Female Disruptors: “How Heidi R. Burkhart has shaken up the real estate industry”

An Interview with Chaya Weiner

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”Be pleasantly persistent” is a phrase I coined, as so many are either relentless, annoying or don’t follow up enough in the industry. In sales, in life, in business, you need to be on top of things, but if you are too pushy then you will annoy people and they will not want to work with you no matter whether you produce or not. If you don’t follow up enough, you will lose deals. If you are pleasantly persistent you will retain relationships and find a great tempo to getting deals done. I came up with this phrase when I was younger and managing people and trying to teach this lesson, and many have since caught on to it.

I had the pleasure of interviewing Ms. Heidi R. Burkhart, the President of Dane Professional Consulting Group. Formed in 2008, the company specializes in affordable housing brokerage and consulting. Burkhart is a seasoned professional in the real estate industry, and has facilitated the closing in excess of 11,000 affordable housing units totaling well over $1 billion in sales. Prior to forming Dane PCG, Burkhart was a senior director at Eastern Consolidated, New York, NY, where she headed the affordable housing brokerage and investment division. Burkhart was also a financial analyst at Owens Illinois, Toledo, OH. She is on the Board of Directors for Institute for Responsible Housing Preservation (IRHP), the New York State Association for Affordable Housing (NYSAFAH), and Kids Unlimited, Toledo, Ohio. Burkhart is the recipient of The Edward H. Schmidt Outstanding Young Alum Award 2013 from the University of Toledo in recognition of outstanding achievement in her field of endeavor, while providing leadership and noteworthy service to the Alumni Association, University and community. Burkhart has also been awarded the Affordable Housing 2013 Young Leaders Award as one of seven men and women under 40 years of age being recognized for building organizations and ushering in new ways of delivering affordable housing. The Young Leader award was created as a way to help celebrate and support the development of a new generation of leaders. Burkhart is active in her community volunteering with the NYC Rescue Mission, Multiple Sclerosis Society, Single Stop, the New York Ronald McDonald House, Food Bank NYC, Bedford Stuyvesant Restoration Corporation, University of North Carolina Pediatric division, Goodwill, and Habitat for Humanity. Burkhart holds a Bachelors of Business Administration Degree in finance and marketing from The University of Toledo and lives in New York City.

Thank you so much for doing this with us! Can you tell us a story about what brought you to this specific career path?

Preparation and luck coupled with my love for working and being productive brought me to where I am today. When I first moved to New York, my first job didn’t pay enough to afford the standard of living I wanted, so I got a second job — in retail. That retail job was the catalyst to meeting my future employer, a real estate broker. The rest was up to my work ethic. I was in that office for 12 to 15 hours a day canvassing — which is what we call cold-calling — for clients. I didn’t know much back then, as I was only 21, but I knew if I made enough calls, I would start getting yeses. Eventually, I met Brian Flaherty, who told me if I focused on affordable housing, he would give me a lot more properties to sell. I took that opportunity seriously and excelled. I owe a lot to him: the guy who took a chance on young Heidi at 21 years old. It informed the direction of my life.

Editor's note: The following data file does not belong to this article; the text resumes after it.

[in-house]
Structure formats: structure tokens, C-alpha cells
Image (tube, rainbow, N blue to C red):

What is it about the work you’re doing that’s disruptive?

At the time when I started my company, there were no brokers in NYC focused on Affordable Housing. I was the sole one for a while — until others saw what I was doing and copied me. I am all for competition — it keeps me on my toes, and imitation is the best form of flattery as it shows I am doing something right.

I am also a woman in a man’s world, as female brokers are rare, especially in New York City. I am always looking to find new opportunities to break deeper into the industry and ways to reinvent the industry. For instance, we are working on confidential project now that is really revolutionary.

We all need a little help along the journey — who have been some of your mentors? Can you share how they made an impact?

Deborah VanAmerongen, Charlie Gendron, Adam Silfen, Dan Smith, Scott Jaffee, Brian Flaherty, Ken Pagano, Lew Henkind, and so many more. They all have taught me remain honest and compassionate regardless of the situation and to always find the win-win situation. In the truly “good deals,” everyone always finds their deal and is happy. In real estate, emotions run high and things can get volatile when putting deals together — particularly at closing time. Having mentors who teach you to stay focused on the business points and take emotions out of it has been truly life changing. Being able to build this skill set has helped me close so many deals. My clients look at me as the voice of reason or, at least, “the calm in the storm.” And to be honest, the whole industry of Affordable Housing as a whole attracts really good people.

Can you share 3 of the best words of advice you’ve gotten along your journey? Please give a story or example for each.